War songs are designed to unite armies against a common enemy. David Mizzi talks to three academics to examine jihadist war poetry (including ISIS), ancient Hebrew war poetry, and Chinese/Korean war songs from WWII. They all share universal themes like land and unity and the rhetoric of revolution.
When we think about poetry, we might conjure images of soppy love sonnets or poems from our secondary school days. However, poetry (and literature in general) has tackled more destructive themes such as war and conflict. It has the power to shape political choices, inspire us to commit great (or terrible) acts, and give form to our identity.
For Dr Lehyla Heward (Department of Oriental Studies, University of Malta), this is evident in the war songs of Korean and Chinese insurgents during WWII. As we discussed the rousing tunes of these communist freedom fighters, similarities to other traditions, such as the jihadist war poetry used by ISIS as well as ancient Hebrew war poetry found in the War Scroll (a Dead Sea Scroll from Qumran) began to crop up. Dr Kurstin Gatt and Dr Dennis Mizzi (both from the Department of Oriental Studies) both shared their insights. What makes this particularly exciting is how these three traditions — separated by time and space and with virtually no communication with one another — developed poetic traditions with overlapping themes. It’s a testament to the universality of poetry and humans’ penchant for destruction and violence.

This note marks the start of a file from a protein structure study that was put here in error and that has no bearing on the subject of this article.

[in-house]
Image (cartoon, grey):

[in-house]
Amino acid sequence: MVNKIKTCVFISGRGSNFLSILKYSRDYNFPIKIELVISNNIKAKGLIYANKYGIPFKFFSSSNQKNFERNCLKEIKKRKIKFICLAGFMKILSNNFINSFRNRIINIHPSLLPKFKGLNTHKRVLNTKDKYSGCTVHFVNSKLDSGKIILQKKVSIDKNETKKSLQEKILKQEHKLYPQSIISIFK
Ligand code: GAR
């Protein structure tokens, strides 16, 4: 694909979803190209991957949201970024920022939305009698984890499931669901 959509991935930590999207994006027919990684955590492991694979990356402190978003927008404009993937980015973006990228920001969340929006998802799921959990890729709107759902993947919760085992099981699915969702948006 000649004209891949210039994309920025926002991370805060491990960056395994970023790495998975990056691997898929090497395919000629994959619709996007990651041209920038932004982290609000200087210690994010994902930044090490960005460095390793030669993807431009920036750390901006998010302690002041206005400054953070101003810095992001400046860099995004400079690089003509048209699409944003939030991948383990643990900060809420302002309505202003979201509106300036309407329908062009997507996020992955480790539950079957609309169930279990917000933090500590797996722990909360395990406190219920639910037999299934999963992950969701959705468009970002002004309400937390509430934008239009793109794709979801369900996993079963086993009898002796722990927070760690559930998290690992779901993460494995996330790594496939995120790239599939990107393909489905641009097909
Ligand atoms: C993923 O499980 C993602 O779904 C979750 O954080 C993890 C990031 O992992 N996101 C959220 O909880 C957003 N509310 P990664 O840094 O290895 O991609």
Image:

From East to West
The language we use reflects the way we think. Poetry’s messages can be decoded to understand the mindset (gestalt) of the groups who used them. So, what makes these three poetic traditions distinct?
Manchuria (a region in Northeastern China) is flanked by the Korean peninsula. Two rivers spring from the Changbai mountain and run east and west through the region, forming a natural border between China and Korea. In 1931, the Japanese staged a bombing as a pretense to invasion, alienating both the Chinese and Korean inhabitants and leading to a strong anti-Japanese sentiment. Heward explains how this was the catalyst that led them to join forces against a common enemy.
The war songs of the Northeast Anti-Japanese United Army (NAUA) offer us a glimpse into the ways Chinese and Korean fighters interacted and viewed one another. But while the songs were designed to unite these two factions, Heward explains how ‘we can clearly see cultural differences in the songs, for instance in the language. There are both Chinese and Korean versions of the same song.’